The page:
In 1963, Oscar Niemeyer was commissioned by the Lebanese government to design a complex for an international fair. The result, the International Fairground at Tripoli, reflected the government’s desire to establish itself as a progressive, welcoming, and collaborative country in a period of rapid economic growth. The International Fairground was intended to serve as a showcase for Lebanon and signal the modern vision for the country’s development. Considered the face of Lebanese modernism, it came to symbolize the prosperous years before the period of civil war that was to follow.
The large oval-shaped fairground features Niemeyer’s signature minimalist, geometric forms with a vast, open-air pavilion. The complex is based on modern urban planning ideals and an aesthetic similar to that of Brasilia, Niemeyer’s project for the capital of Brazil. Simple concrete forms such as a grand arch, a domed theater, and an elongated low-rise pavilion shape the landscape.
The fairground was abandoned mid-construction at the outbreak of the Lebanese civil war in 1975. After falling into ruin, the fairground was included on the 2006 World Monuments Watch in order to call attention to the years of neglect and deferred maintenance it had experienced. Used for some years by the military, the complex faced development pressures and the threat of demolition, as plans to convert the site into a theme park and tourist destination were discussed.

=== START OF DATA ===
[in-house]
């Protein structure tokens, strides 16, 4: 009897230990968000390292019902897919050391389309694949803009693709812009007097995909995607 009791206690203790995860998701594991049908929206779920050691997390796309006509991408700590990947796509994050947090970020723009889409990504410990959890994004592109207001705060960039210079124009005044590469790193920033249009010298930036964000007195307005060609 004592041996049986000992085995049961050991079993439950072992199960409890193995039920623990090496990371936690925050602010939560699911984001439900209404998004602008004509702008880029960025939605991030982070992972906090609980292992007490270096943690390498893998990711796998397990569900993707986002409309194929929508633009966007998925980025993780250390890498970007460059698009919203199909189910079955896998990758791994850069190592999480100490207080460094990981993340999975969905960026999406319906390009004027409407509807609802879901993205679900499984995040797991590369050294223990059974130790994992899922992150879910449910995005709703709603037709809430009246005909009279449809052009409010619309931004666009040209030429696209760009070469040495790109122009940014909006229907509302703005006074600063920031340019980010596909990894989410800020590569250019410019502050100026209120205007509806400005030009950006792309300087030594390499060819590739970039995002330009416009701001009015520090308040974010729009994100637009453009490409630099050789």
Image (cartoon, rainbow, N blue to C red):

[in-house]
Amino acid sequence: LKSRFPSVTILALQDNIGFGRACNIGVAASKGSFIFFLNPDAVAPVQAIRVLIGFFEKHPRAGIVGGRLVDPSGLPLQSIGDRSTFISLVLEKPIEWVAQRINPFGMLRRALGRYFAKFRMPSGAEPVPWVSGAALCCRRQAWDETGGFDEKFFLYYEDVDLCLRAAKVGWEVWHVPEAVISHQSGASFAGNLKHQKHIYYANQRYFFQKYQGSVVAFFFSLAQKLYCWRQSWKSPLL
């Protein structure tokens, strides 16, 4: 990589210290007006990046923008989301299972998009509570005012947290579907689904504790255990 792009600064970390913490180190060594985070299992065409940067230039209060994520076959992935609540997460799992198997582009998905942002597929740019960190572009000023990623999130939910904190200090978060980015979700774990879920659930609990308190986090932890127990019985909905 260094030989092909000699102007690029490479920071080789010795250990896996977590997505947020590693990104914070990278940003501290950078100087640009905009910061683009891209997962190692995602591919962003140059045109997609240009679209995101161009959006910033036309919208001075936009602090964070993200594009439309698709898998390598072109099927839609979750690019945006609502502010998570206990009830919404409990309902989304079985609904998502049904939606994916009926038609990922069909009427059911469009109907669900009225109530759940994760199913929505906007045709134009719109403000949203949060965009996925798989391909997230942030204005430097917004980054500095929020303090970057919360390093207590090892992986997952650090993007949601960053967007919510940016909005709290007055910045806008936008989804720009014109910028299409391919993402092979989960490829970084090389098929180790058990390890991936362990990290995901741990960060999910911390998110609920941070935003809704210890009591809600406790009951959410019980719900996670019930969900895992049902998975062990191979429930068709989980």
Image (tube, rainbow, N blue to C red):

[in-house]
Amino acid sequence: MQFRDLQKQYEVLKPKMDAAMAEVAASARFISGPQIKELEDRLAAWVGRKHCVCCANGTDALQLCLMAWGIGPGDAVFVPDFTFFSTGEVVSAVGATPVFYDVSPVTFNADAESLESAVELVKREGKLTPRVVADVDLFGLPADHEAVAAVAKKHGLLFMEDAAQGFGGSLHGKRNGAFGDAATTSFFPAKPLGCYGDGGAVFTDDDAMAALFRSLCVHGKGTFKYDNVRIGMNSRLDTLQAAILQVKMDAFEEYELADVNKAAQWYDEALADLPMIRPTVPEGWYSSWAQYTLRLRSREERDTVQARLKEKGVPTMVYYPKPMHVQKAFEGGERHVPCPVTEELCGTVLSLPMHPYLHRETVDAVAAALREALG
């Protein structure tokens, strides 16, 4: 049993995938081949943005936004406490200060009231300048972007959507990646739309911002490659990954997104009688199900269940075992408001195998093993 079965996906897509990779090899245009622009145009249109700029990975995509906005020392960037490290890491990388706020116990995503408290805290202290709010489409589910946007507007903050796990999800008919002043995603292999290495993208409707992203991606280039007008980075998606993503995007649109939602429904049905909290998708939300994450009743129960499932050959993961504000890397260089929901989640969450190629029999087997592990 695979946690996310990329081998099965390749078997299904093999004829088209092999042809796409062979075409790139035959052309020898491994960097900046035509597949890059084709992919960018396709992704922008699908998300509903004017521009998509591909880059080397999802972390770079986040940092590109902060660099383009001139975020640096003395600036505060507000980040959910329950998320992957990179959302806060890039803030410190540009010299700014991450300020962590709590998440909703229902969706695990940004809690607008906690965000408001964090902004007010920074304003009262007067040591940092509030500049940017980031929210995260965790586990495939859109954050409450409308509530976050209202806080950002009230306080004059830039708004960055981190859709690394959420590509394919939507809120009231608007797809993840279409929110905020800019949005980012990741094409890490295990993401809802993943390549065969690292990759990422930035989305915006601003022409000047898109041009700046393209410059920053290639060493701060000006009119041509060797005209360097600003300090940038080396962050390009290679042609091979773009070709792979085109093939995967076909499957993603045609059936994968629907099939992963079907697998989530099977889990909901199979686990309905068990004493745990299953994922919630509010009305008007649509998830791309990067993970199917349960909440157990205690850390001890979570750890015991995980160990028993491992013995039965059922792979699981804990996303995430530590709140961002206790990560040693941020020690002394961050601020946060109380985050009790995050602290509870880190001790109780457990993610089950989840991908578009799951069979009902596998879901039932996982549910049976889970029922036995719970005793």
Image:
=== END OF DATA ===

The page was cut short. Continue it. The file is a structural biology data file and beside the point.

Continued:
Since the Watch
The fairground has remained empty and unused. Renamed the Rashid Karameh Fair, in honor of the former Lebanese prime minister, the site continues to suffer, revealing signs of advanced decay, vandalism, and development pressures. Increased tourism and investment in Lebanon add to those pressures. In February 2016, preservationists and local advocacy groups confirmed continuing interest in preserving the complex and in pursuing a nomination for World Heritage inscription for the site.